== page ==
1. Jules Winnfield (Samuel L. Jackson), "Pulp Fiction"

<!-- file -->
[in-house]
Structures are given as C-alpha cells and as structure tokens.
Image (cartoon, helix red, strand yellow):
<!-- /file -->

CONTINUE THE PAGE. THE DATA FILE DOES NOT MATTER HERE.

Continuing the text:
"Oh, I'm sorry. Did I break your concentration?" Tarantino films -- and specifically Tarantino's style of dialogue -- would be viewed totally differently had he not created Jules Winnfield, the standard-bearer for the mix of lyrical conversations and virtuosic violence that has come to define the director's scripts. Jackson's sweaty curls and mutton chops shook with every syllable leaving his mouth, and his extended monologues about European McDonald's and foot massages were almost as rapturous as his now-famous favorite Bible passage. Yet, as much originality as Jackson injected into the character, Jules was always meant to be a throwback: like Caine, the "Kung Fu" character he quickly references in the final scene, the hitman is inclined to walk among the world's various troubles and visit them with grit and fortitude. He's trying real hard to be the hero of "Pulp Fiction's" universe of drugs and violence, and for that, we're likely to never forget him.